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Iran's Jet-Set Classic Cars Come Out from Hiding

The museum's Mercedes 500K is the world's last, rumored to have carried Hitler to troop inspections in Russia, and has fetched offers of $3 million.

It is not for sale. "The Shah used the treasury to buy these cars, so they belong to the people," said Salehkhoo.

Jafari said visitors were nostalgic.

"Some come out of curiosity to see what it was like in that time, others like to see custom-built cars for their uniqueness," he added.

Visitors can inspect the royal beach-buggy and the refrigerator and record-player in the C30 Chrysler coupe that belonged to the Shah's second wife, Soraya Esfandiary.

Still locked in the dusty warehouse is an exceedingly rare silver sports car hand-crafted by Giotto Bizzarrini, who later joined Lamborghini.

Funds available for restoring the dilapidated cars to their former glory are meager, but Salehkhoo said Iran's fast-growing car industry had showed an interest in helping.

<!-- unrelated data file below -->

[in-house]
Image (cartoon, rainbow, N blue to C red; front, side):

Car makers such as Iran Khodro and Saipa are now looking abroad for loans and bond issues. Investment from Peugeot and Renault is turning Iran into a regional car making center.

One car missing is the Shah's favorite, a Lamborghini Miura SVJ that was smuggled out of the country and briefly ended up as the run-around of U.S. film star Nicolas Cage.

When the Shah's nephew graduated from military academy, his uncle said his reward would be any of the 3,000-strong royal car collection.

"Apart from the SVJ," the Shah added hastily.

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